California's Department of Motor Vehicles is wading into the complex question of how to regulate the use of cars that rely on computers — not people — to drive them. Once the stuff of science fiction, "Driverless cars" could be commercially available by decade's end. On Tuesday, the DMV is hearing ideas on how to integrate the cars onto public roads. Questions range from data privacy and security — to whether a person will have to be in the driver's seat at all. The DMV already has drafted rules governing how companies can test the technology. Google had been testing on highways and in neighborhoods well before the Legislature decided to regulate.
Utah lawmakers have advanced a measure to curb texting while driving. The state Senate on Monday voted 17-8 to approve the bill making it a violation to tap on a phone while on the road. St. George Republican Sen. Steve Urquhart sponsors the bill. Under the measure, adults could still talk on the phone while driving or consult a device for directions, as long as they're not punching in information. The state also has a current ban on texting and driving for minors. Some lawmakers praised the proposed measure, saying it's their job to make sure roads are safe. But others said the law isn't needed because Utah already has laws against distracted driving. The bill now goes to the House.
More and more taxpayers are entering the digital age in filing their returns. The Internal Revenue Service estimates that more than 80 percent of tax returns are now filed electronically using home computers and tax preparation software. H&R Block senior tax adviser Richard Gartland says his company's software includes online chat or telephone support, so you can still get help if you need it. The software eliminates or minimizes mistakes and simplifies e-filing. Gartland says the IRS also has an e-file service that's free "for certain levels of income and simpler returns." E-filing is the fastest, safest and most accurate way to go. It gets refunds a lot quicker, too -- especially with direct deposit sending the money straight into your bank account.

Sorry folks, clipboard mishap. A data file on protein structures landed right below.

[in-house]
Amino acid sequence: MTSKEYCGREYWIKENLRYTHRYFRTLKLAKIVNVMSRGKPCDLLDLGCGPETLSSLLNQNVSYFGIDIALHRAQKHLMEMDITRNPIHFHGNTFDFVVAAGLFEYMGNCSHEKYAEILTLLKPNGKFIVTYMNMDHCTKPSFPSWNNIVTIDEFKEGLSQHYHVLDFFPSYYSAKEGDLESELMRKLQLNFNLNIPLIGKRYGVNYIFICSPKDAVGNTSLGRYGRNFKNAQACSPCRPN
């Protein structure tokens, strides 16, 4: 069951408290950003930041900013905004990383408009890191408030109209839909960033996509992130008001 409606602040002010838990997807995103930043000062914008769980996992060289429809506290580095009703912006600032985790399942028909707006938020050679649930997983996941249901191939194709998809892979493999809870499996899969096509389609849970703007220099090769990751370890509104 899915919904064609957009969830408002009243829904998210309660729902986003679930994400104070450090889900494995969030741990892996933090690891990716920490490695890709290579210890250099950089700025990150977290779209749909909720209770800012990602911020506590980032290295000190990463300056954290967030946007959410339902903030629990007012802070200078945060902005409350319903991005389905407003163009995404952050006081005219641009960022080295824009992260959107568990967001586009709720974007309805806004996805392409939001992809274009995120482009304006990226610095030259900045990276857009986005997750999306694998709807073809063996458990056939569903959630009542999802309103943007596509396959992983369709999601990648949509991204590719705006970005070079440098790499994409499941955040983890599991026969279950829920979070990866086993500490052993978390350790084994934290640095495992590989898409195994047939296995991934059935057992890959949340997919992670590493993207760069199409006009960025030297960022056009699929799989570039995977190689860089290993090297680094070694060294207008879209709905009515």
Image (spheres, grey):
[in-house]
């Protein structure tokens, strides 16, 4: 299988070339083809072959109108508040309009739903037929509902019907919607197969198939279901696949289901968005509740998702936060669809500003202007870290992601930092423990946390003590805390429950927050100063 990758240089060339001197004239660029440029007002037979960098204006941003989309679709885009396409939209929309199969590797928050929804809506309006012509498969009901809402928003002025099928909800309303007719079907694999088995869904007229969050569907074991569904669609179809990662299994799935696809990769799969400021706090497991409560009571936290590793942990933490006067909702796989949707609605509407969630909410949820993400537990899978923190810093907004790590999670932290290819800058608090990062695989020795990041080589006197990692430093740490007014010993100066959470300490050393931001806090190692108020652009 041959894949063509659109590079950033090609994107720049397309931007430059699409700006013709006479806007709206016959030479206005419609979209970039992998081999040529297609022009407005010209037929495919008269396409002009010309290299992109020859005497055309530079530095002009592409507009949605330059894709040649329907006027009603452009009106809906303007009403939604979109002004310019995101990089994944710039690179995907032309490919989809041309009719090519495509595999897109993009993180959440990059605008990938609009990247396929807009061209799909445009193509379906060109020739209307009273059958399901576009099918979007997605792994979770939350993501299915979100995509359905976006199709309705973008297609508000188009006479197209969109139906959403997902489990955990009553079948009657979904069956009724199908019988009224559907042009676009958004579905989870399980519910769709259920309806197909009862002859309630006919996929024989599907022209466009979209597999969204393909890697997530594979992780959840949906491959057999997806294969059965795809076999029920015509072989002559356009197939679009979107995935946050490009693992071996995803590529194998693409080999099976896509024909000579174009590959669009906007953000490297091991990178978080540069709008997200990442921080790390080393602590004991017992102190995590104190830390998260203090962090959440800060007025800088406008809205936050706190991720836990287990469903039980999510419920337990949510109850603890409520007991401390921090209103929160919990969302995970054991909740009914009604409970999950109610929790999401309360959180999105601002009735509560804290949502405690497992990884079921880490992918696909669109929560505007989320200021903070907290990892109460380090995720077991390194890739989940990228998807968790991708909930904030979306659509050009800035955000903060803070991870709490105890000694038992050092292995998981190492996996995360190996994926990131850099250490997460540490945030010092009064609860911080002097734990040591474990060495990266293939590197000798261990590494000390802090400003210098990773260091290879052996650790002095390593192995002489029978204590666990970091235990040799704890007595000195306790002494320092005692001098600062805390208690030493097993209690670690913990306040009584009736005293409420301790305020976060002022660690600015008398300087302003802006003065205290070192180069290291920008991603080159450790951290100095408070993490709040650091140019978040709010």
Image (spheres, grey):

Back in 1986, a newborn wrapped in a red sweater was found abandoned in the bathroom of a fast-food restaurant in Allentown, Pennsylvania. Now, the baby is an adult -- and is going online to help track down her biological mother. Katheryn Deprill began her quest March 2 by posting a photo on her Facebook page in which she held up a sign that said, "Looking for my birth mother. The woman mentioned the circumstances of her being abandoned at the Burger King restaurant bathroom hours after her birth -- and asked people to share her post. A week later, it had been shared nearly 27,000 times by Facebook users worldwide -- and it's also getting media attention. But so far, the search for Deprill's mom has yet to yield fruit.